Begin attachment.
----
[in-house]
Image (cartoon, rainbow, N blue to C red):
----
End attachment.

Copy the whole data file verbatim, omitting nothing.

[in-house]
Image (cartoon, rainbow, N blue to C red):